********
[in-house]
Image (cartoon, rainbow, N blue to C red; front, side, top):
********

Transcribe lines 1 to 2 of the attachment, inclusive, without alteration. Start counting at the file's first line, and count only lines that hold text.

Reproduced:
[in-house]
Image (cartoon, rainbow, N blue to C red; front, side, top):